Pesakastew Solar Facility, Weyburn. Photo by Brian Zinchuk

Saskatchewan has just 30 megawatts of grid-scale solar power installed, spread across three projects of 10 megawatts each. And on the longest day of the year, June 21, they averaged 8 megawatts of output in total. That’s 26.7 per cent of capacity.

That’s according to SaskPower’s Where your Power Comes From webpage. Its data is delayed two days.

The way SaskPower reports is power production is somewhat unfair to solar. They characterize it as a “daily snapshot … that’s an average of a 24-hour period.” So zero power production overnight is averaged with power generation during the day. By that calculation, even if solar facilities produced full power for half the day, they would still only show 50% output in the daily roundup numbers.

That means the public never sees the full picture, like how much time those three facilities put out maximum or partial power. And since the sun continues to go down every night, those hours work against the daily average.

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And grid-scale solar facilities can and do reach maximum nameplate output during sunny periods. That’s in contrast to wind generation, which rarely sees facilities max out to their rated capacity. At least that’s according to 18 months of observations of the Alberta Electric System Operator’s minute-by-minute data, released publicly. For instance, at the time of writing (12:20 a.m. Friday morning) Alberta’s wind was producing 435 megawatts out of 3,618 installed megawatts. Solar, of course, was producing zero megawatts out of a recently increased 1,248 megawatts.

As an example, Travers, the largest solar facility both in Alberta and in Canada, had a perfect day on July 22, according to Dispatcho.app, which logs the AESO data. That facility reached full output of 465 megawatts, its rated capacity, at 7:45 a.m. and stayed there until 7:12 p.m. – about 11.5 hours of full power without hiccups from clouds. It saw linear ramp up in the morning and ramp down in the evening. You can see this all by clicking here. But the same measure, that same facility, two days earlier had a miserable day. It produced roughly one quarter to one third of its capacity for most of the day, and only hitting 465 megawatts for a brief instance at 2:35 p.m.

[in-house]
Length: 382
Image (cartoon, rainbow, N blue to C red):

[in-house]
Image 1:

And even on the best day of the year, solar doesn’t necessarily shine. In Alberta on June 21, the summer solstice, at noon Alberta’s 1,248 megawatts of solar power generation was producing 918, or 73.6 per cent.

SaskPower does not put out detailed data like this to the public so as to protect its competitive edge in the daily trading of power with its neighbours. That’s why it delays its reporting two days.

SaskPower has expressed its intentions to add a further 400 megawatts of solar and 600 megawatts of wind to the Saskatchewan grid by 2027. By 2035, the intent is to add a further 2,000 megawatts of wind and solar.

 

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Things are getting real, folks. Facebook has said it will now block news links. Pipeline Online provides the in-depth coverage on energy issues in this province that no other media comes close to. It does NOT receive federal journalism subsidies. However, with recent action from Facebook to block news links, it’s important to follow Pipeline Online in other manners. The easiest is to check each morning at PipelineOnline.ca, with the top story posted at 7 a.m. Monday to Friday, and additional coverage throughout the day and weekend. But you can also follow on LinkedIn and Twitter. You can follow editor Brian Zinchuk online at LinkedIn as well (you’ll see more stories that way). Finally, you can subscribe to a weekly newsletter

 

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